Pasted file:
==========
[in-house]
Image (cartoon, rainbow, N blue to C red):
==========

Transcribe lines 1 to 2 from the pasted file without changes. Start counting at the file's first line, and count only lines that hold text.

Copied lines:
[in-house]
Image (cartoon, rainbow, N blue to C red):